Expectations play an important role in how people plan their lives and pursue their projects. People living in highly industrialized countries share a way of life that comes with high levels of emissions. Their expectations to be able to continue their projects imply their holding expectations to similarly high future levels of personal emissions. We argue that the frustration or undermining of these expectations would cause them significant harm. Further, the article investigates under what conditions people can be thought to (...) hold legitimate expectations, in particular about permissible levels of future emissions. We distinguish differing theories of understanding these conditions, namely authority-based and justice-based theories, that each allows us to systematically distinguish between legitimate and illegitimate expectations. Furthermore, with respect to individuals’ future permissible emissions we give several reasons for holding that such theories cannot identify a particular expectation to a specific level of personal emissions as the only legitimate one. Finally, we argue that the set of legitimate expectations that people hold with respect to a just and effective solution to climate change has normative significance in at least two ways: the differing but equally legitimate expectations ought to be taken into account when justifying what could count as such a solution and when determining the just way of arriving at and implementing such a solution. (shrink)
Many people living in highly industrialised countries and elsewhere emit greenhouse gases at a certain high level as a by-product of their activities, and they expect to be able to continue to emit at that level. This level is far above the just per capita level. We investigate whether that expectation is legitimate and permissible. We argue that the expectation is epistemically legitimate. Given certain assumptions, we can also think of it as politically legitimate. Also, the expectation is shown to (...) be morally permissible but with major qualifications. The interpretation of the significance of the expectation is compatible with the understanding that historical emissions should count in terms of fairly distributing the benefits of emission-generating activities over people’s lifetimes but constrains the way in which we may collectively respond to climate change. (shrink)
Theories of intergenerational justice are a very common and popular way to conceptualise the obligations currently living people may have to future generations. After briefly pointing out that these theories presuppose certain views about the existence, number and identity of future people, I argue that the presuppositions must themselves be ethically investigated, and that theories of intergenerational justice lack the theoretical resources to be able to do this. On that basis, I claim it is necessary to do the ‘ethics of (...) metaphysics’ in order to fully comprehend what, if anything, we may owe future generations. I defend these claims against some important objections. (shrink)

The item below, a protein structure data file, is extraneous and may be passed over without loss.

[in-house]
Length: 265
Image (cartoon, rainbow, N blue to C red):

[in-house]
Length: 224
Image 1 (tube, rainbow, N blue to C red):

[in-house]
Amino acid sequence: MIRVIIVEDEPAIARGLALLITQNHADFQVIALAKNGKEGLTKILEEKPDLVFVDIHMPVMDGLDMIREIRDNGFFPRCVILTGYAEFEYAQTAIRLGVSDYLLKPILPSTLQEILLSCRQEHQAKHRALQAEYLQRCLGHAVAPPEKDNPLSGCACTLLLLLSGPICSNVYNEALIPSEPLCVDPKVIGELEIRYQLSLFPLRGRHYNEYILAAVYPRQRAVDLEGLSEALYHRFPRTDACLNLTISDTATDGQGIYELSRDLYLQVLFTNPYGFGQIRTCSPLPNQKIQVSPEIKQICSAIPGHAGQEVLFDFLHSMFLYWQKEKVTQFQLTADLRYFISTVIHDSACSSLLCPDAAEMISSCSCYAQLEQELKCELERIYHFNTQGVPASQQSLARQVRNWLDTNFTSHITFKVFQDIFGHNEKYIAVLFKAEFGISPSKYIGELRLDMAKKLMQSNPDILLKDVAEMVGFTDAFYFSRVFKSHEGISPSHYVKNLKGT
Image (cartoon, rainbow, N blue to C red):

The effects of climate change will be felt far into the future, long after currently living people have stopped existing. A popular way of understanding what this means ethically is to conceptualize the issue in terms of intergenerational justice: currently living people have duties of justice toward future generations to not wrongfully harm them, or duties to reduce the risk of violating the rights future people will have when they exist. In this article I show that this depends on assumptions (...) about the existence, identity, and number of future people. I argue for the relevance and importance of ethically investigating these assumptions; in particular of asking: should humanity continue to exist? I argue that this ethical investigation is necessary to properly and fully understand the ethical challenges that climate change creates. (shrink)
This paper offers a critique of David Miller's recent account of inherited national responsibility. It is argued that the account leads to a dilemma: either it does not make sense to say that we can accept the national inheritance; or; on a different sense of acceptance; it does; but then we encounter a serious conflict with one of our important intuitions about responsibility.